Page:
An American Editor

August 13, 2012

On Books: Value in an eBook World

eBooks have changed the way we think of value in regards to books. For myriad reasons, ebookers think that the price of ebooks should be no more than the price of a mass market paperback, and often less. Price is a reflection of value.

Much of the thinking revolves around a central point: unlike pbooks, ebooks are intangible — just a collection of bits and bytes. Yes, there are other reasons, too, such as the lack of secondary market value, lower production costs, restrictions on usage, and the like, but the reality is that most of the conscious and unconscious reasoning revolves around the matter of intangibility.

When I buy a pbook for $15, I have something solid to hold in my hand. I can put it on a shelf and admire its cover beauty; I can open the book and feel the pages as I turn them. An ebook lacks all of the sensory qualities of a pbook — it is intangible. The sensory experience lies with the reading device itself, not with the ebook.

I am aware that many ebookers pooh-pooh the sensory argument, but it really is not so easily dismissed. Many of the things that ebookers complain are restrictive about ebooks are not restrictive about pbooks because of the sensory experience. More importantly, it is difficult to become enamored with bits and bytes, yet the beauty that a pbook can project addresses the needs of multiple senses.

I think it is this sensory deprivation that drives the value argument. eBooks are of less value because they provide less of a sensory experience. We pay $100 for an ebook reader without a great deal of thought because it appeals to multiple senses; we complain about a $14.99 ebook price because it appeals to a limited number of senses.

Think about a rose. Do we value the magazine photograph of a rose the same as we value the physical rose in our hand? The photograph will last longer than the physical rose, yet we value the physical rose more than the photograph rose because the physical rose provides a more complete (and better) sensory experience.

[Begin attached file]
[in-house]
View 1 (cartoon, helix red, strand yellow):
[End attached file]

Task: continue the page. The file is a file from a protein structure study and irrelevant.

Or consider this. Many more ebookers are willing to pirate an ebook — regardless of the rationalization given for doing so — than are willing to steal a pbook from a bookstore. Why is that? If the value is the same, the willingness to pirate/steal should be the same, yet it isn’t. I think it is because ebooks are intangible and thus viewed as of little to no value — ebooks simply do not ignite the same sensory experiences as pbooks.

Of course all of this ignores the fact that real value of a book — p or e — lies in the writing, not in its physical structure or presence. Yet when we talk about the value of books, the value of the content is rarely addressed. There is good reason for this. If we were to address the content value, then ebooks and pbooks should be equivalently valued. After all, the word content is the same, only the physical wrapper is different.

Another problem with addressing the content value is that the content value is not altered one iota by production costs (excluding editorial). If we value the content, we should value the content identically whether it cost $1 or $100 to produce. The production (excluding editorial) costs are wrapper costs, not content value.

eBooks have upset the valuation process. Prior to ebooks, value was determined largely by content. With the rise of ebooks, the wrapper has come to dominate the valuation argument and there is little to no discussion of content value. And this has consequences for the pbook world. This is what lies, I think, at the heart of the fear of the publishing industry: the idea that content will have little to no value, only the wrapper will determine pricing.

This tension between content and wrapper valuations is further fueled by the rise of the indie author. Readers are unwilling to gamble large sums on indie-authored ebooks from authors with whom they have little to no familiarity. If an indie author publishes a pbook and prices it similarly to other pbooks in its genre, readers are willing to pay that price even if they do not know the author because the price is aligned with what they expect to pay.

Yet this does not translate to indie-authored ebooks, where there is resistance to paying the higher pricing found with traditionally published ebooks. Consequently, indie-authored ebooks tend to be drawn to the lower end of the pricing scale. With the large number of ebooks found at that lower price point, that lower price point becomes a standard for the ebook. Again, valuation is based on the wrapper, not the content.

The next few years will be interesting as regards ebook pricing. Will the valuation of ebooks change so that content is the decider or will the wrapper valuation continue to dominate and also make inroads in pbooks? Although it is often heard that content is king, ebooks appear to be the exception. For ebook valuation, the wrapper is king.